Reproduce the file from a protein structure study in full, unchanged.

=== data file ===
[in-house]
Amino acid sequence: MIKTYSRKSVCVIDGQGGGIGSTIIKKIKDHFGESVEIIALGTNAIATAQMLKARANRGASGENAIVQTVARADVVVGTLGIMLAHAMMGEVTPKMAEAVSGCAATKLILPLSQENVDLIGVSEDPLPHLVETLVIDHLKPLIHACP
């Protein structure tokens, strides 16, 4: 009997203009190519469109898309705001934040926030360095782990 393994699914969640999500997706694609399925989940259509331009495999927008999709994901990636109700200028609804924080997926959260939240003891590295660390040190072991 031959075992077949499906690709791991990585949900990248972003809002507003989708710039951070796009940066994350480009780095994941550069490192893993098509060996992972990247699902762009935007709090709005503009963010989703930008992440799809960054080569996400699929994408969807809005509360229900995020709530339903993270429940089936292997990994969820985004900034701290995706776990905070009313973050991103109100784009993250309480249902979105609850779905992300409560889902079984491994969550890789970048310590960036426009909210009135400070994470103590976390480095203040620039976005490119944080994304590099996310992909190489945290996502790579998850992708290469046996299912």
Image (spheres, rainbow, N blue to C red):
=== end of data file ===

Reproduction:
[in-house]
Amino acid sequence: MIKTYSRKSVCVIDGQGGGIGSTIIKKIKDHFGESVEIIALGTNAIATAQMLKARANRGASGENAIVQTVARADVVVGTLGIMLAHAMMGEVTPKMAEAVSGCAATKLILPLSQENVDLIGVSEDPLPHLVETLVIDHLKPLIHACP
């Protein structure tokens, strides 16, 4: 009997203009190519469109898309705001934040926030360095782990 393994699914969640999500997706694609399925989940259509331009495999927008999709994901990636109700200028609804924080997926959260939240003891590295660390040190072991 031959075992077949499906690709791991990585949900990248972003809002507003989708710039951070796009940066994350480009780095994941550069490192893993098509060996992972990247699902762009935007709090709005503009963010989703930008992440799809960054080569996400699929994408969807809005509360229900995020709530339903993270429940089936292997990994969820985004900034701290995706776990905070009313973050991103109100784009993250309480249902979105609850779905992300409560889902079984491994969550890789970048310590960036426009909210009135400070994470103590976390480095203040620039976005490119944080994304590099996310992909190489945290996502790579998850992708290469046996299912």
Image (spheres, rainbow, N blue to C red):